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Sunday, May 31, 2009



"Those who call abortion murder are implicitly or indirectly responsible for Tiller's death."

The response in sound-bite format;

I am (we are) pro-life, Tiller's killer was not.

And we'll have to keep saying it.


So an Afghani citizen would be wrong to kill Osama bin Laden if he should find him show up in his mosque one day?


Mark Shea laments, "In our present cultural climate, it is quite possible that the man who did this just murdered the pro-life movement." I'm not ready to go so far, but I understand where he is coming from.

Mark Shea is known for hyperbolic bluster.


Okay, this is terrible. No one has a right to take the life of another, no matter how grave their sins. It still seems strange to me that this would happen right now, after we have been branded domestic terrorists. I'm sorry but the world is full of Judas type of traitors (Father Cutie comes to mind). Money is a powerful thing. Maybe not, but still so convenient this happening now, especially after the latest polls showing a pro-life majority. Can't help it, hard to trust anything or anyone anymore. Sad but true. What a ball our opponents will have spreading their lies and deceit. May God have mercy on us all.

Eric Giunta

In this line of thinking, would it then be morally justified for pro-life demonstrators to barge into a clinic and incapacitate the abortion provider, in order to prevent the murder of the child?

I would think not, and that this would be an example of an evil we (pro-lifers) have to tolerate, lest our actions result in greater evil (i.e., the discrediting of the pro-life cause).

What about blowing up the clinic when there's no one in it? Legitimate? I would think not, and for the same reasons.

John Herreid

BillyHW, cool it. I think you may need some time off here, perhaps to meditate on the Catechism.

Matt C

I agree with BillyHW.

If I truly believe that someone has the intention of going to my house and killing my wife or children, am I going to wait until they walk in the door? The catechism doesn't say that pre-emptive action is immoral. The problem with pre-emptive action is the possibility of acting (perhaps in a lethal manner) on an incorrect assumption. Prudential judgement is required.

Thomas More

Three points:

(1) The murder of Tiller cannot be justified as self-defense becuase in a country where abortion is legal a woman will just be able to go to another abortionist to have the baby killed. So no one knows for a fact that anyone was saved.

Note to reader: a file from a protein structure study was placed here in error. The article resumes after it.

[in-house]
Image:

(2) The state has the authority to execute justice, individuals cannot take the law into their own hands becuase they do not have the authority to do so.
(3) Pro-lifers should not apologize for Tiller's killer, we have never advocated killing abortionists. We can agree to its wrongness but we need not apologize for it. We are not responsible for it. It is a trap laid by the pro-abortionists to start apologizing for the shooter. This shooting was a product of the culture of death promoted by abortionist like Tiller who advocated killing another human being to solve your problems. That is abortion in a nutshell. This is the culture that the pro-abortionist must apologize for. They must explain how it is that citizens are expected to behave rationally in a culture that teaches the murder of some is a profitable business but the muder of others is wrong. Pro-lifers have not created this legal system or culture of death and confusion. The pro-abortionist have done this.

Michael Jaffray King

By shooting an abortionist, the killer has played a major role in promoting the abortionist's wicked cause. Very sad!!!
The above article although rather long winded in my opinion has put the case clearly and is right

Ed Peters

Maria. I doubt you meant to say "No one has a right to take the life of another, no matter how grave their sins". That is not sound, although practically speaking it is, I grant, the positio tutior in context.

MattC. Before you agree with BHW (or anyone else) you should clarify your own thinking. Your self-defense example has a number of bluured/botched points in it. C.a.a.

TM. Re your (1) the murder of Tiller cannot be justifed, but not for the reasons you offer. Your (2) substitutes rhetoric for precision and so I can't tell whether it is right or wrong, but it is virtually tautological as offered. Your (3) is basically sound, but you have made so many points in (3) you risk losing sight of your main argument there.

Matt C

'St. Thomas, quoting St.
Augustine, said that "`a man who, without exercising public authority, kills an evildoer, shall be judged guilty of murder, and all the more, since he has dared to usurp a power which God has not given him"' (Summa Theologiae, II, II, q. 64, art. 3).'